BY GENEVIEVE PFEIFFER
Otherwise known as abortifacients (pronounced abort-if-ay-sh-i-ents). But maybe this isn’t the most comprehensive way to describe my obsession, since I’m also interested in herbs that prevent pregnancy, and herbs that bring about menstruation (which can be late for many reasons, including but not always due to pregnancy).
These herbs are available everywhere, and to everyone. You can access them regardless of your income, biological sex, and location. If you can’t grow them in your garden, pick them in a local park or forest (or ditch) you can buy them online. They aren’t illegal, and they are inconspicuous. A single woman in rural Mississippi, with a little research, can purchase the right herbs without raising the eyebrow of a check-out clerk or mail carrier.
Many of these herbs are safe to use, and are part of our staple diet, such as ginger and parsley. Other herbs, generally stronger herbs such as tansy and pennyroyal, should be used with more care. But for a woman in an abusive relationship, a few seeds of queen anne’s lace after sex could spare making her already tender situation more difficult to bare, and spare a child from being brought into an grave situation.
Why don’t we know more about herbs and their long role in birth control? This question dates back to the witch hunts, a time when the lines between the witch and the female midwife were blurred.
In Europe, as women were pushed out of medicine, and as abortion became a punishable crime (in some cases, punishable by death) knowledge of the herbs associated with witchcraft was erased from written record. Some pharmaceutical guides may have included the mention of ‘female pills’ or ‘menstrual evacuations’ as a reason to prescribe herbs, but eventually most of this information was passed down orally from woman to woman, and by a few pharmacists who risked persecution if found guilty of prescribing an herb that resulted in an abortion. As European colonization spread, the belief that abortion as wrong spread to other cultures, many of which had their own regional herbs used for birth control.
Today, if you are not a cis male, your pain continues to be taken less seriously. Illnesses that effect biological women more than men have been understudied. Biological women and men tend to experience pain differently, and many symptoms that we are told to watch out for are symptoms that men experience, not women.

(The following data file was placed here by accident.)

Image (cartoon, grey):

While I’m not against birth control produced by the pharmaceutical companies, I prefer to learn about my body and the options that are available to me. I’ve personally had a lot of health issues which pharmaceutical medicine only exacerbated. Herbal birth control is one of those options, and it can be extremely beneficial to those who do not have access to other options. I’m okay with the connections between herbs and witchcraft, and I think it’ important to remember how our control over our fertility, and our connections with herbal medicine, was a large contribution to the witch trials and to colonization. It seems the question has always been: what can be more witchy than taking control of your body?
Genevieve Pfeiffer is the executive editor of Anomaly, an international journal of literature and art. She teaches literature at Westchester Community College and Pace University, and has facilitated workshops with both young children, and incarcerated women. Pfeiffer has been the writer in residence at The Platte-Clove Preserve and The Mall of Found. Recently, she was selected to participate in The Home School conference. Her work has been published in journals that include So to Speak: feminism + language + art, Crack the Spine, Stone Canoe, BlazeVox, and The Write Room. Genevieve is grateful for trees.